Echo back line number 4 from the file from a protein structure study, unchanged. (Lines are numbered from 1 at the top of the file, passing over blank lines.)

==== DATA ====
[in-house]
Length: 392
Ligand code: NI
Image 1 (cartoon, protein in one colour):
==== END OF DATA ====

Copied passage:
Image 1 (cartoon, protein in one colour):